Monday, March 25, 2013

At last, catching up a bit

Yesterday our farm participated in a community event that was in essence 'speed dating' between the public and the local farms that offer a CSA (community supported agriculture), which is a partnership between a family/individual and the farm where the farmer is paid up front at the beginning of the growing season for a share of the harvest from that farm.

The membership cost paid by a family at this time of year before the growing season really gets into full swing is used by the farmers as 'seed money' in the true sense of the word plus to give some overall stability and financial planning to the growing season for the purposes of buying seeds, equipment, supplies, maintenance, labor costs, etc. This cost offers a guaranteed portion of the harvest to the member, but it also represents a mutual sharing of the risks associated with all farming that are beyond a farmer's control.

This first-time event sponsored by Slow Food Huron Valley and the brand new Great Lakes CSA Coalition was successful beyond anyone's expectations. More people came than expected thus parking was difficult (it did not help that it 'mudded' that afternoon), plus more farmers signed up than anticipated, including several brand new small farms. All signs of success!

Having never done a 'display' for our farm, we were beautiful but decidedly low-key.  However I have ideas for next time to spruce us up a bit, even turning this into a fun project for a dietetic student (with an art background) who is coming to live with us for several weeks this summer.

Nevertheless, people came specifically to sign-up for our Garlic CSA (we had promoted this opportunity in our farm newsletters and our farm's Facebook page), other people who were brand new to us that day also signed up, and we ran out of brochures during the first hour, grossly under-estimating our needs. Again, all signs of success!

Both my husband and I had such a good time during this event meeting loyal customers (now friends), new customers (new friends), and our farmer friends, that we both left the event feeling like we were on a 'high', which I suppose could also be called a sign of success. :)

Which brings me to the catching up bit. I am really trying to clean off my desk of ideas and things that must be done before there is no time to do inside 'paperwork' for at least six months.

As I am sorting through things I have saved 'to do' I am finally coming to a slide show that my good friend Melinda Hemmelgarn, MS, RD (aka Food Sleuth radio interviewer) put together about our farm. Melinda and her husband Dan visited our farm in 2011 to interview us and take these photos (so they are now 2 years old), with the purpose and mission of changing our food system to one that truly provides 'good food and good health for all' (a phrase I use for my email sign-off). Together they hope that the emotionally compelling images (taken by her husband Dan) and the stories of small farmers across the country will help Americans become better citizens (versus consumers), think critically, and take action advocating for food and health policies that truly provide accessible and affordable foods for all that promote health, not disease.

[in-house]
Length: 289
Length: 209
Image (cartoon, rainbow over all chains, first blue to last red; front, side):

Here is the link to the slide show with Melinda's words on the website for the Institute for Agriculture and Trade Policy (IATP), an organization whose work and 'action alerts' I follow regularly.

At last, at last. All the comments in Melinda's slide show are accurately stated. Whenever I see my friend Cathy (like I did yesterday) of Frog Holler Organic Farm, I always feel this deep rush of admiration knowing she and her husband started Frog Holler here in Michigan at about the same time we wanted to drop out of our graduate school programs to start a farm in Wisconsin during the 70's. It took us several decades to finally be 'old-new farmers', which I had the pleasure of explaining briefly to a student yesterday doing interviews for one of his university classes about organic farming.

Thus, while I do really like my new idea of having our upcoming student helping us develop a display for future events, we are actually content to be rather 'low-tech' without fancy displays, knowing our success is really represented by our happiness, which we hope showed through to all yesterday, all of our old friends and all of our new friends who are all part of the 'family' in our Dyer Family Organic Farm, at last. :)

Cultivate your life - you are what you grow - inch by inch, row by row,

Diana Dyer, MS, RD

1 comment:

Carol Crochet said...

I'm so used to "like" buttons that I looked for one at the end of your post. Congrats on a successful event, for staying low-tech and letting your farm and love speak for itself, and for seeing your dream realize so much success on many levels.